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Having rained hard that morning, by midafternoon the sky was a tedium of slow and tumbling grays. There was no light at all, not the slightest suggestion, and no rain. The gloom was magnificent. I was eight. I didn’t know what a mausoleum was. By the architecture, the spires, by the excesses on the battlements, the vaulted ceiling, it could have been a church. Once inside I was overcome by a stillness so refined and so polished, so dreamlike and unfamiliar I knew I had entered another world, a world more grand than the one I just left. We stood there together, my father and me. I was awe. He was silence. I remember thinking how expensive death looked, how meticulous, enshrined, as it was, in alabaster and reflective granite. I could tell by the rapture on my father’s face it was making the same high music in him that it was in me. And I was happy. I was not afraid, nor did I want to leave.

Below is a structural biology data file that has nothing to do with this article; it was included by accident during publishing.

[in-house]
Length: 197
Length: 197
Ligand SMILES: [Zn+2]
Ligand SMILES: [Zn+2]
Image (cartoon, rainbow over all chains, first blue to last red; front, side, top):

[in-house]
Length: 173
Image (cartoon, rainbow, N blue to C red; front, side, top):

This place is not like that, exactly.

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